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TUESDAY, Aug. 25, 2015 (HealthDay News) -- Many young American adults believe electronic cigarettes and water pipes are safer than traditional cigarettes, a new study finds.
"This is concerning as it suggests that even a substantial proportion of nonsmokers may view hookah as being a relatively safer and acceptable way to use tobacco," wrote study authors Cristine Delnevo and Olivia Wackowski, of Rutgers University in New Jersey.
Those younger than 25 were more likely than those aged 25 to 34 to say that hookahs (water pipes) and e-cigarettes were safer than cigarettes, according to an analysis of results from the National Young Adult Health Survey. Nearly 2,900 smokers and nonsmokers aged 18 to 34 participated.
Overall, nearly 58 percent of the respondents said e-cigarettes are less risky than cigarettes, and more than 11 percent said they were unsure. More than 24 percent of smokers and nonsmokers alike said hookahs are less risky than cigarettes, according to the study published Aug. 24 in the journal Health Education & Behavior.
Fifty percent of respondents said menthol cigarettes, hookahs, cigars, smokeless tobacco and snus were about as risky as cigarettes, while 30 percent believed smokeless tobacco, menthol cigarettes and cigars were more risky than cigarettes.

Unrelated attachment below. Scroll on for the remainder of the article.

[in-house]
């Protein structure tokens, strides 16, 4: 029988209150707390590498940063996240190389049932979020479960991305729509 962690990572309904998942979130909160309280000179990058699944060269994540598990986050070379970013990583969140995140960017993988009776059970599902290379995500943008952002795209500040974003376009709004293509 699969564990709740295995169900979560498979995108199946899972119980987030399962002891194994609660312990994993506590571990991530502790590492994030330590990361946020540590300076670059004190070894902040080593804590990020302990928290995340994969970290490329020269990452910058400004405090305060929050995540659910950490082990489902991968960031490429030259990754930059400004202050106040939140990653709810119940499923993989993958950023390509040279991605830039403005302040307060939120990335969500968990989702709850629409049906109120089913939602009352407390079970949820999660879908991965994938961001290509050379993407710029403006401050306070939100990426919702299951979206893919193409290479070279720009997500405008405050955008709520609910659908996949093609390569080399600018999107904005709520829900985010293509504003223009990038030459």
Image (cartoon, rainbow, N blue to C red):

The belief that some of these tobacco products were riskier than cigarettes did not stop young adults from using them, the researchers said.
More than 31 percent said they had smoked at least 100 cigarettes and smoked regularly at the time of the survey.
The finding "might be associated with differences in advertising messages these groups are exposed to, the variety of flavors these different products are offered in, and in the case of e-cigarettes, possibly an inclination for younger people to attribute more positive feelings toward newer products that are seen as new and 'techy'," Wackowski and Delnevo said in a journal news release.
The U.S. Food and Drug Administration has proposed rules that would ban e-cigarette sales to people under the age of 18 and require warning labels, but those rules have not been finalized. Earlier research has suggested that e-cigarettes might spur teenagers to try smoking.
-- Robert Preidt
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